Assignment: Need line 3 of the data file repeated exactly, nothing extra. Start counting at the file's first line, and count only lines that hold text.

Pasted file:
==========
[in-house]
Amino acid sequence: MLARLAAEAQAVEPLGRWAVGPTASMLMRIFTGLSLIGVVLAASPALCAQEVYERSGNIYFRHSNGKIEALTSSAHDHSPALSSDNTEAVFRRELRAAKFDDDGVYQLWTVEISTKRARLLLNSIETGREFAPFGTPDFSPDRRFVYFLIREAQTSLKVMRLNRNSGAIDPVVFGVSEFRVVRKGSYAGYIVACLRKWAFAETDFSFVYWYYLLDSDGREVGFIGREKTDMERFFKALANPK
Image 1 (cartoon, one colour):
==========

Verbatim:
Image 1 (cartoon, one colour):